2017 Hugo Reading:
A Closed and Common Orbit by Becky Chambers

Written by Natalie Luhrs

I'm a lifelong geek with a passion for books and social justice. Fuck around and find out.

Filed Under:

July 4, 2017

A Closed and Common Orbit may be the sequel to Becky Chambers’s first novel, The Long Way to a Small, Angry Planet, but its scope and cast of characters is much smaller.

Instead of a full complement of characters, this time Chambers focuses on two secondary characters from the first novel: Lovelace, the ship’s AI, and Pepper, an engineer. At the end of The Long Way to a Small, Angry Planet, Lovelace had to be rebooted to save her life and, unfortunately, this changed who she was.

There were Plot Reasons around why Pepper, a friend of the crew’s, had an AI body kit available for Lovey, but that’s only a little bit germane to the novel other than the fact that Lovey chose to use the body and leave with Pepper in order to spare the crew more pain as they grieved the loss of the original Lovelace.

A Closed and Common Orbit follows two parallel stories: Lovey’s journey towards figuring out who she is and Pepper’s history, in which she had to figure out who she was. I say the stories are parallel, but they’re also in conversation with each other and made richer as a result. Each could stand alone, but I don’t believe that either would be as successful as it is.

Pepper grew up a child slave in a factory run by robots, known only as Jane 23. When she escaped in the wake of an industrial accident, she found an abandoned ship with an AI, Owl. With Owl’s help, Pepper learns to survive, chooses a name, repairs the ship, and learns to be a person instead of a slave in a factory.

There are obvious parallels with Lovey’s story—Lovey may be an incredibly smart AI who knows how to run a ship, but she’s not very good at being a person and it falls to Pepper to teach her, which comes with its own set of challenges.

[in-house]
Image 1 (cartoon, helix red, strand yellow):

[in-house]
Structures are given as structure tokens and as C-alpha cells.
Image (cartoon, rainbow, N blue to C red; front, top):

I found this book, much like the first, to be a warm and fuzzy read that tackled challenging subject matter with grace and compassion. These books show that you can explore meaty topics like the mind-body problem, weirdness and unease around having a body, and how to become a functional individual with connections to others without going all grimdark or torturing anyone. Chambers’s universe isn’t bleak or hopeless and that’s something I really appreciate.

Is the book Hugo-worthy? I don’t know. Chambers’s prose is readable with little that sets it apart, and while the story structure is thematically required, it’s also not particularly groundbreaking. I did enjoy this book tremendously, and that counts for something. I’m still thinking about where I’m going to rank it on my ballot.

You may also like…

Review: The Vanished Birds by Simon Jimenez

Review: The Vanished Birds by Simon Jimenez

Simon Jimenez’s The Vanished Birds is one hell of a debut novel.

In my notes, I wrote that that “this is a weird book; not much of anything happens for the first two-thirds and then there is plot all over the place,” which pretty much does explain the pacing.

Review: Light from Uncommon Stars by Ryka Aoki

Review: Light from Uncommon Stars by Ryka Aoki

I loved this book so much. And while I tried to make it last, I read it incredibly quickly and then was very sad when there was no more book, even as I was sobbing like an actual baby at the end.

Ahem. Ryka Aoki’s Light from Uncommon Stars is pretty stellar.


Words of Wisdom

"It's chaos, be kind."
Michelle McNamara